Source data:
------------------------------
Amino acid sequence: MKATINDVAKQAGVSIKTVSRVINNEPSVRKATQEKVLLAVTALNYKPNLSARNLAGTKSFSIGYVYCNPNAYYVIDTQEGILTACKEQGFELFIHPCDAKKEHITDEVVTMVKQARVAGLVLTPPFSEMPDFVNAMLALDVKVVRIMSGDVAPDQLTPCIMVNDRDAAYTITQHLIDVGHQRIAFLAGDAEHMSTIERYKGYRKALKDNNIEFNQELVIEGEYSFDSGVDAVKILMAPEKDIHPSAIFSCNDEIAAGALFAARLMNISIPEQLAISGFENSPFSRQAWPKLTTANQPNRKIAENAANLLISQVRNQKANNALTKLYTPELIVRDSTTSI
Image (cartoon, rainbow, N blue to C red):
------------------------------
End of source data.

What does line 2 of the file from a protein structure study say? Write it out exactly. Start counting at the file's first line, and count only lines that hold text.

Image (cartoon, rainbow, N blue to C red):